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Introduction of John's Law

Location: Washington, DC

INTRODUCTION OF JOHN'S LAW -- (Extensions of Remarks - February 01, 2005)


Mr. LOBIONDO. Mr. Speaker, we will soon observe the fifth anniversary of the tragic death of one of my constituents. U.S. Navy Ensign John Elliott, who had just received his commission to Naval Flight School in Pensacola, Florida, was struck and killed by a drunk driver on July 22, 2000. The accident instantly killed Elliot and seriously injured his passenger, Kristen Hohenwarter.

Sadly, it was later discovered that the driver responsible for Elliott's death had been arrested for drunken driving earlier that evening. Having called for a ride, he was picked up by a friend and returned to his car. Elliott was on his way home for his mother's birthday party when he crossed paths with the intoxicated driver.

Nearly 5 years after that tragic accident, his parents continue the fight to save other families from the grief they have endured. Lobbying the New Jersey State Legislature, the Elliott's saw to fruition the drafting, passage and ultimate enactment of John's Law. The law ensures that individuals who pick up an arrested driver sign a document accepting custody. Additionally, it gives State Police the authorization to impound the automobile of an arrested driver for up to 12 hours.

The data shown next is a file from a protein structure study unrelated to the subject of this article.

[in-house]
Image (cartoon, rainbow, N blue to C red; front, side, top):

Today, I am introducing legislation to encourage all states to enact legislation to require law enforcement officers to impound motor vehicles of those charged with driving while intoxicated (DWI). The legislation would make states that adopt DWI vehicle impoundment programs eligible to receive federal grant funds under the existing Alcohol Impaired Countermeasures Program to help defray costs.

We are making important strides to eliminate the senseless deaths caused by the lethal mix of alcohol and automobiles. Annual deaths from drinking and driving have decreased from approximately 28,000 in 1980 to 16,068 in 2000. In 1982, 57 percent of all traffic fatalities were alcohol-related. In 2000, that percentage fell to 38 percent. However, much work remains to be done. Each death is a preventable one and I am sure this resolution will go a long way in ensuring deaths like Ensign Elliott's are prevented and families are saved from the pain the Elliotts and other families across the nation have endured.

I urge my colleagues in the House to support this legislation.

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